For a long time, it was believed that we – or rather our brains – are unable to follow moving sounds. But now it seems to have been proven otherwise.
A passing car, a mosquito, a talking person: these are all moving sounds. There has been a great deal of research into the ability of our eyes to follow moving images, but hardly any research into the ability of our ears to follow moving sounds. Oddly enough, research has been done on tracking sounds in motion with our eyes. People are very bad at it. But even if you delve into the literature for clues that we can actually track sounds (no matter what part of the body), there seems to be little evidence to prove it.
Marc van Wanrooij of Radboud University found this strange. He set up an experiment to clear it up once and for all. The subjects were seated in a dark room where they could not see anything as a robot arm with a speaker moved around them in random motions. They were asked to follow the sound with their heads. And yes, it went very well. So we can do very well. Our brain has a mechanism to track the position and speed of a sound.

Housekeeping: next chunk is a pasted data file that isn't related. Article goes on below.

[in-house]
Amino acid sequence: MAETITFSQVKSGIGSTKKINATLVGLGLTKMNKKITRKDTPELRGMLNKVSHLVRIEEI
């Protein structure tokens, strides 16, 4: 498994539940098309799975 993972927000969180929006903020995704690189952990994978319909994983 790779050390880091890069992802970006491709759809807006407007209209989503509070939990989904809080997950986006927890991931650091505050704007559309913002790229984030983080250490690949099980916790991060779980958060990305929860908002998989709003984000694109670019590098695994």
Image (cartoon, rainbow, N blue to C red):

Not only is this a great find, it can help people as well. It is already being investigated whether this knowledge can be used to improve hearing aids and implants. With properly functioning hearing, the two ears work together to calculate the correct location. This is not yet the case with hearing aids. This is one of the things that will be looked at in the near future.
Learn more about the research here: What do I hear there? How can we hear the sound in motion. You can find the article here: Adaptive response behavior in search of unpredictable moving sounds.